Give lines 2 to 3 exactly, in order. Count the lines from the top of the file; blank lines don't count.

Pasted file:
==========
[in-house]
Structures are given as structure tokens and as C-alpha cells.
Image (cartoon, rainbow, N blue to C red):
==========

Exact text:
Structures are given as structure tokens and as C-alpha cells.
Image (cartoon, rainbow, N blue to C red):